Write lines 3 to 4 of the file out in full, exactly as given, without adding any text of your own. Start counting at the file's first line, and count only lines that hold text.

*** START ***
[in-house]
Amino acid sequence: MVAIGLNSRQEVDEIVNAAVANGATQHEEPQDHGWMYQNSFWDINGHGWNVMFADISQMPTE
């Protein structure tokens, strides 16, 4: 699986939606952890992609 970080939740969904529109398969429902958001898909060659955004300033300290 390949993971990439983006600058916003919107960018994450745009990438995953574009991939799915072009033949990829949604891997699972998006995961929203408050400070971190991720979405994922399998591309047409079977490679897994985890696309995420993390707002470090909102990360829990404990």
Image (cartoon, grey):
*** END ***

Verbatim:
């Protein structure tokens, strides 16, 4: 699986939606952890992609 970080939740969904529109398969429902958001898909060659955004300033300290 390949993971990439983006600058916003919107960018994450745009990438995953574009991939799915072009033949990829949604891997699972998006995961929203408050400070971190991720979405994922399998591309047409079977490679897994985890696309995420993390707002470090909102990360829990404990």
Image (cartoon, grey):